After exploring how children’s electric cars and remote-controlled jets were instrumental for creating the sounds of Iron Man’s suit in Iron Man 3, the second installment of our new series Sounds Like a Summer Movie takes a look at how music is used for dramatic impact in Star Trek Into Darkness. And it is used a lot: Sound mixer Will Files, who first worked with director J.J. Abrams on Cloverfield, estimates there’s music over 75 to 80 percent of the film. Once again, Abrams used longtime collaborator Michael Giacchino, who won an Oscar for scoring Up. “J.J. and Michael take a pretty classic approach to scoring a film in that it’s more about the emotional beats in a scene and trying to figure out which character’s perspective you are trying to play in that moment, who you are trying to connect the audience with,” Files says. “Because of that, you end up with something that is not quite as generically action movie-oriented. You have a score that’s much more lyrical because it’s playing these broader strokes of emotion rather than the minutia of the actual action that’s happening on the screen.”
Part of Files’ job is to change the relative balance of sound effects to music so there’s an ebb and flow and the film never feels stagnant. “You hear a lot of moments in the film where sound effects are really driving the moment, but then they’ll take a step back and let the music drive it. For example, the section when the Enterprise is rising out of the ocean,” he says. “If you really examine that, what you’ll hear is that within the span of a 40-second event, the music and the sound effects are trading off in dominance every few seconds: there’s enough of the theme to hear that the music is going in one direction, and then enough of the sound effects to understand what’s happening and the size and enormity of the event. The music will come back in to play the wonder of the tribesman, and then it will come back to sound effects to hear the raining down of the water and put you back in the moment. If you do it right, the audience never realizes that you’re giving and taking these things constantly, but it’s really highly manipulated.”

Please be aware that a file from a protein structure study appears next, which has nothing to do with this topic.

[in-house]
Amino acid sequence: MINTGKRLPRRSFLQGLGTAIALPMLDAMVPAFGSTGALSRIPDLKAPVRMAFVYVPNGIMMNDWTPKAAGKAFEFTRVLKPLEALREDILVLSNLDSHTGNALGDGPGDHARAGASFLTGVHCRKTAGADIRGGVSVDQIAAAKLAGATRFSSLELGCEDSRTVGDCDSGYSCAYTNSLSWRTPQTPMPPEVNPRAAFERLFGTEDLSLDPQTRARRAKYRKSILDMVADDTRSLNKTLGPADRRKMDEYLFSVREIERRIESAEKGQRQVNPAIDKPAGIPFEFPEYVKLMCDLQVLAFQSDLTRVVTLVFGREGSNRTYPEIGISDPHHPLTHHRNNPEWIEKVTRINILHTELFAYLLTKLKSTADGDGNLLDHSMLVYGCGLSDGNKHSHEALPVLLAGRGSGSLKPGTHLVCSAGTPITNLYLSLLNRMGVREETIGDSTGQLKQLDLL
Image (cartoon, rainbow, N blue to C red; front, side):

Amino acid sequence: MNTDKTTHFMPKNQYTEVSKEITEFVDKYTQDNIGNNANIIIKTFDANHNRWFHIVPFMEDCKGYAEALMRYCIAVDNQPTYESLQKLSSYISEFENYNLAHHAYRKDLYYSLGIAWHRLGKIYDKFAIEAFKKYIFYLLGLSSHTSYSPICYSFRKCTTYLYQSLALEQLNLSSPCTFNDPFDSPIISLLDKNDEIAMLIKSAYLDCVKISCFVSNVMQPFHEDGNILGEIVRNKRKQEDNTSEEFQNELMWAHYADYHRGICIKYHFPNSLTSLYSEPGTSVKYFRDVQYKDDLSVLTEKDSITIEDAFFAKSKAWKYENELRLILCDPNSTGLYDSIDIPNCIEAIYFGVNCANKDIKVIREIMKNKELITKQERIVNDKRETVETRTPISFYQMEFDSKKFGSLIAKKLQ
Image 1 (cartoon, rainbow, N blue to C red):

SPOILER ALERT! If you haven’t you seen the film, stop reading now.
But above all, Files is there to make sure the final mix serves the story. The scene we wanted him to break down was Kirk’s death. (You know you cried.)
The scene they spent the most amount of time on, Files says, was the one in which the Starfleet top brass meet in a conference room to talk about what’s happened with John Harrison/Khan (Benedict Cumberbatch) in London.
Again, the balance leads the audience through the story:
Another scene Files points to illustrates how Abrams enjoys using sound to surprise the audience:
Like Abrams and Giacchino, Files is very aware of trying not to put too much music in a film. “Every now and then, we’d find a place where maybe it worked better without score for a little while, but in general, I think J.J. built the movie to have score in a lot of these places because he is a musician and I think that’s just the way he thinks,” Files says. “So taking music out often felt empty, like it didn’t quite function the same way.”
So how do you know when you have it right? “There’s always that moment of suddenly the movie has to be done in a couple of days, and you realize you’ll never have the chance to do all the notes that you want to do,” he says, with a laugh. “But in general, you know when a scene’s working when you sit back and try to put your audience hat on for a minute, and it feels good. If it feels like you’re telling the story, you’re hitting the emotional beats, and it’s big, fun, and exciting, then you know that your job’s done — even if there are 100 little things that you’d like to tweak.”